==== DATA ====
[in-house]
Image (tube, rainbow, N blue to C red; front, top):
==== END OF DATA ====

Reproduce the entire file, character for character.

[in-house]
Image (tube, rainbow, N blue to C red; front, top):